The Screen Actors Guild national board of directors meets in committees and plenary session Jan. 10-17 in Los Angeles. Depending on the results of a late January vote count, it could be the last gathering of SAG's leaders under their guild's 60-year-old banner.
Voting tabulations will begin Jan. 27 on SAG's proposed historic merger with the American Federation of Television and Radio Artists (AFTRA). And while that melding into a union of 120,000 remains a big "if," a couple of SAG's board members feel the guild has to get on with the business of 1999, no matter how the voting may turn out.
"I think basically we'll try to lay out a program whether we merge or not," board member John Connolly told Back Stage. "And, if we do in fact merge, most likely there will be a joint meeting of the SAG and AFTRA boards sitting as a new national board pretty soon, probably in late February or early March. In the meantime, I think the guild has decided it needs a plan for work. There are contract enforcement questions, on-going litigation, and legislative things we need to look at."
Connolly is pro-merger. He said, "It seems to me there won't be much discussion about merger in the pro or con sense. Discussions have been had, positions have been taken, and campaigns conducted. Not much remains to be discussed. There's either going to be a merger or there's not."
Board member Chuck Sloan is anti-merger. He foresees board dialogue on the issue. "Merger is important," Sloan said. "We'll have questions with how the union dealt with the campaign," including what Sloan believes was exceeding the guild's pro-merger campaign budget of $100,000.
A Pre-emptive Meeting?
Both board members had differing views about whether the SAG plenary should have been held before the merger vote count.
"I think essentially we got jammed up by the calendar," Connolly opined. "Because we plan so far in advance to get hotel space, when the deposits were made on the hotel, we thought the actual merger vote would be taken and counted before the session."
Last year, the SAG board decided to delay sending the merger referendum on to the entire membership until SAG's finance committee had resolved concerns over a projected first year deficit of the merged union. Eventually, the finance committees of both SAG and AFTRA reported that the merged union's budget would move into the black by the second year. Both unions mailed out referendum packets, with ballots to be returned by Mon., Jan. 25.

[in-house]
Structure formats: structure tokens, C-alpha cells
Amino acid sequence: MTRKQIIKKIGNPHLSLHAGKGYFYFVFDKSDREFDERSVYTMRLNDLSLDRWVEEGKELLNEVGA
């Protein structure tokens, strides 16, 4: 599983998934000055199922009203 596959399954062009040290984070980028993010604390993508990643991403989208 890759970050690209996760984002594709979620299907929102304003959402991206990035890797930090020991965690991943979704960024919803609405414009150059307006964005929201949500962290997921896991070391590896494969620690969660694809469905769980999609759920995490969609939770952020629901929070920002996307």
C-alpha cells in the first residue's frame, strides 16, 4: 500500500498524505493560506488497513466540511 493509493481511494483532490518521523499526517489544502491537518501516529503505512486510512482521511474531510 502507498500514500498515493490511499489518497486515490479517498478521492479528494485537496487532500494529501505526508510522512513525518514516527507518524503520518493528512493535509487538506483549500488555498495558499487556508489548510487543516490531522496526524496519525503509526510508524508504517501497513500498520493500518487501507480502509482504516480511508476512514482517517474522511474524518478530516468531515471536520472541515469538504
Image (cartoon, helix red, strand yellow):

"Organizations with a dues base are on a time curve," Connolly explained. "As the organizations grow, expenses go up. In my opinion, we're coming to the end of a dues cycle, because of the increased demand in the entertainment industry. This industry has more than doubled in size in five years in terms of number of programs, distribution, the players involved. Union expenses are going up to maintain a level of enforcement. Both organizations [SAG and AFTRA] are moving at the end of a dues cycle, and have to take a look at new dues structures. AFTRA had proposed a new dues structure two years ago, but decided to wait on implementing it because of the merger."
Leaders of both unions have also announced that members' dues would increase, whether a merger occurs or not.
"Anti-merger folks say we don't need a dues increase," Connolly added. "But SAG dues have not increased for 11 years. There have been huge increases in personnel and programs. You can argue if all the choices are the right choices, but all on the board had a say. In my opinion, SAG will need the dues increase even if it doesn't merge."
Sloan observed, "The major issue for this plenary is, does the board discuss how to run the union if there's no merger, or how to run it if there's a merger. Every issue will have to be considered "if' there's a merger. I heard one board member call it the "if' plenary."
Whence Residuals Study?
Sloan also believes the board needs to look at the proposed residuals study, the offspring of last year's film-TV contract between the two guilds and producers. The two sides signed a letter of agreement detailing a two-year study as a key component to the three-year pact. The study will examine economics of the television industry as a prelude to developing a new cable and foreign TV residuals formula. The letter notes that the two parties intend to complete the study on or before Jan. 1, 2000, "so meaningful discussions might conclude before June 30, 2000, regarding the appropriateness of changing the residual provisions in, or adding new residual provisions to, the collective bargaining agreements."
The NEC Investigation
On Nov. 16, the Hollywood SAG board held an election to choose nine of its members to the National Executive Committee, the powerful panel which governs the guild when the board isn't in session. Voting discrepancies led to arguments and accusations as serious as fraud. This, in turn, led to SAG retaining former California Supreme Court Judge Joseph Grodin to conduct an investigation.
Connolly said he didn't know if Grodin would issue any report to the national board, but added, "I would think the national board has a right to look at and discuss it, but I don't know if it will happen. I think the investigation should be concluded by the time the plenary takes place."
Sloan said he thought that Grodin would report to the Hollywood board at its regular meeting scheduled for Jan. 11.
Connolly summarized what he considers the role of union leaders for this plenary and any to follow, whether or not merger occurs: "We have to continually evaluate the evolution and change in growth and ownership patterns of the industry, and have a realistic appreciation of the power of our employers, and the potential power of our unions."